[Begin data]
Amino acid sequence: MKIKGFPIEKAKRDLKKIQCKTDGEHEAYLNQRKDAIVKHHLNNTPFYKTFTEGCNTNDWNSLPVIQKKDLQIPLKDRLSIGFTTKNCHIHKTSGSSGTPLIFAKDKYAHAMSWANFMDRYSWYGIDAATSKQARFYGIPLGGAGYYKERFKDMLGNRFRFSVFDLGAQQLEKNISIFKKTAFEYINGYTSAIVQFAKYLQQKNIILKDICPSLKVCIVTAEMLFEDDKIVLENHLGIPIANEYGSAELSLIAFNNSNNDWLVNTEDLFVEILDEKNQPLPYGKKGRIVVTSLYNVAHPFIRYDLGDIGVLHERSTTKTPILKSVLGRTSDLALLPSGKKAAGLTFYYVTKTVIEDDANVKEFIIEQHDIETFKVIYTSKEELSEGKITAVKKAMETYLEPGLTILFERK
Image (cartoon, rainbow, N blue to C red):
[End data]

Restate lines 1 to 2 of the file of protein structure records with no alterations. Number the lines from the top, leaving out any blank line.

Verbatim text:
Amino acid sequence: MKIKGFPIEKAKRDLKKIQCKTDGEHEAYLNQRKDAIVKHHLNNTPFYKTFTEGCNTNDWNSLPVIQKKDLQIPLKDRLSIGFTTKNCHIHKTSGSSGTPLIFAKDKYAHAMSWANFMDRYSWYGIDAATSKQARFYGIPLGGAGYYKERFKDMLGNRFRFSVFDLGAQQLEKNISIFKKTAFEYINGYTSAIVQFAKYLQQKNIILKDICPSLKVCIVTAEMLFEDDKIVLENHLGIPIANEYGSAELSLIAFNNSNNDWLVNTEDLFVEILDEKNQPLPYGKKGRIVVTSLYNVAHPFIRYDLGDIGVLHERSTTKTPILKSVLGRTSDLALLPSGKKAAGLTFYYVTKTVIEDDANVKEFIIEQHDIETFKVIYTSKEELSEGKITAVKKAMETYLEPGLTILFERK
Image (cartoon, rainbow, N blue to C red):